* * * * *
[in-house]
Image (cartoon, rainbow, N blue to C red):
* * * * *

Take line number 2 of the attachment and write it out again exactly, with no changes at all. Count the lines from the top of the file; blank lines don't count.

Image (cartoon, rainbow, N blue to C red):